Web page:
When New Jersey parents of young children divorce, they may want to minimize the contact they have with one another. However, it is important that they work out consistent households rules for their children to follow as they move between households. This consistency is important to the children’s well-being. Parents should remain flexible. While they may be unwilling to concede some points, they need to be able to compromise on others. A face-to-face sit down may be the best way to reach this compromise, and children can be included as well if they are old enough. Areas addressed might include video games, bedtimes and how children dress.
Parents who are unable to sit down and negotiate in this way might be able to get help from parenting classes or mediators. These are both unbiased resources. Parenting classes may emphasize the importance of consistent household rules and give parents a sense of what those rules are. A mediator is a person who can sit down with parents in negotiations and help them try to make an agreement.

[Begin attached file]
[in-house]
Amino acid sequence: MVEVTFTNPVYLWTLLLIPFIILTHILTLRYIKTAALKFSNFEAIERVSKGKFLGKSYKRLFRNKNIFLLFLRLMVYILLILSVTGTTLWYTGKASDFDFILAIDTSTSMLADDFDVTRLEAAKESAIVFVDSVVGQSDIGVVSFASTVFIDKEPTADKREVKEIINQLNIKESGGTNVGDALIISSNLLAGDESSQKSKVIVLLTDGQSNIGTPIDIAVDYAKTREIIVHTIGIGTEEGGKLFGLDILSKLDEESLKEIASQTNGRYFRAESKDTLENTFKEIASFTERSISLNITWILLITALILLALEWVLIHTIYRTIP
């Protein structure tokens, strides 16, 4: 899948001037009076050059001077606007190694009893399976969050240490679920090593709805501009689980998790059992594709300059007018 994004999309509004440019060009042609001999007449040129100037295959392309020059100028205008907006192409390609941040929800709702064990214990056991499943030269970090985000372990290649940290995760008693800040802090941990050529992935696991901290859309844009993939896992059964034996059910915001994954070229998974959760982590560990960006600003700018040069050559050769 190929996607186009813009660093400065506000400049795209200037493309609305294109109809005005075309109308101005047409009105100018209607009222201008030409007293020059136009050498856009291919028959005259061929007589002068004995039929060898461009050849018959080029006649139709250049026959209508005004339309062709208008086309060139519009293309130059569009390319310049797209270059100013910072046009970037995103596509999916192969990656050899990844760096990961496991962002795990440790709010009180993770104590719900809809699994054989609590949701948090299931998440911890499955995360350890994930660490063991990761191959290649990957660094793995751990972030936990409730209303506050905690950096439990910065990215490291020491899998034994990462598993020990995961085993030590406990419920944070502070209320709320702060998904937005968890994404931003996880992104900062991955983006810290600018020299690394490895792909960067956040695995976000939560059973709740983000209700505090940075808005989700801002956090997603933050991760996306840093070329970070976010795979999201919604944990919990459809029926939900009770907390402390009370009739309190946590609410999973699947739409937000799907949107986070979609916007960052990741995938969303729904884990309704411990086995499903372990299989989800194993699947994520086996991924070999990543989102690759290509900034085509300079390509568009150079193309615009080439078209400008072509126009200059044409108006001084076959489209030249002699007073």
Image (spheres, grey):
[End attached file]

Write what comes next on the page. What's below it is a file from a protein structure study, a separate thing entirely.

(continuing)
Parents can also get help from the court. However, they may want to try the above options first. Once they go to court, they lose the opportunity to make the decisions themselves, and they might be unhappy with the judge’s decision.
In creating the parenting plan, parents may want to think about how the agreement may need to adapt as children get older. A plan for this adaptation could be included, and this might also help reduce the likelihood that parents will need to return to court to resolve these types of issues. A few situations, such as a change in child support or the relocation of one parent that causes a change in custody, generally require court approval, however.